The current treatment of LSCD includes anti-inflammatory drug therapy, e.g. In the early stage, steroids are used. Later on, limbal epithelial cells (LESCs), which have been transplanted (Limb & Daniels 2008), can be transplanted. The anti-inflammatory drugs that are currently available do not work and cannot prevent the loss of LESCS. Current strategies to correct LSCI, such as transplanting LESCs of a healthy eye from a patient (limbal autograft), a relative living or cadaveric donor (limbal alograft), have several drawbacks. 2002; Solomon et al, 2002; Cauchi et al. 2008). The limbal autograft carries a risk of causing LSCD to the donor eye. It cannot be used for patients with bilateral LSCD. Due to the presence of HLA DR antigens in the graft and Langerhans cell, limbal allografts need long-term immunosuppression. Immunological rejection can occur even with immunosuppression in 42.9% to a 64.0% of patients following limbal allografts. (Rao and al. 1999; Tseng and al. 1998; Shi et. al. 2008; Reinhard, et. al. 2004; Tsubota, et. al. 1999). In some centers, LESCs are currently being grown ex vivo and then transplanted for LSCD (summarized by Shortt et. al., 2007). The putative stem cell observed in the limbus has not been isolated or fully characterised. The availability of autologous tissue is also the major clinical barrier to using LESCs in culture for therapeutic purposes. Allogeneic cultured cells can be used with systemic immune suppression, but donor allogeneic LESCs will not survive past 9 months (Daya, Sharpe, et. al., 2006). Success depends on the ability to suppress inflammation at the ocular surface. The therapies that are the focus of this application could be a significant advance in current treatment.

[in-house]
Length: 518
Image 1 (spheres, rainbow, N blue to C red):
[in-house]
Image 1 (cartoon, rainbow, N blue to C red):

In addition, vision-threatening LSCD is not the only ocular surface disease that can cause damage to your eyesight. There are also a number ocular surface disorders accompanied by corneal irritation and wound healing defects, such as keratoconjunctivitis, recurrent keratitis, or post-refractive surgical keratitis. Dry eye syndrome is the most common and affects almost 10% of Americans (Moss, Sehaumberg, 2003, Moss, et. al. 2008). In the United States, 20-30 million people have shown early signs and symptoms of dry eyes. An estimated 6 to 3 million women and 30 million men are affected by the advanced effects of the condition that affect their quality of life. 2005; Miljanovic et al., 2007). Sadly, the majority of currently available therapeutic agents only provide palliative relief and none eliminates all signs and symptoms associated with dry eye (Pflugfelder 2007). In several studies (Clegg and colleagues, 2006, Reddy and associates, 2004, Callaghan and colleagues, 2007), it was found that dry eye syndrome has a significant economic impact, both in terms of direct medical costs. Medications and doctor visits are direct costs. Indirect costs include lost work time and impaired productivity. Lost work time and reduced productivity). There are no effective and safe treatment strategies for corneal diseases.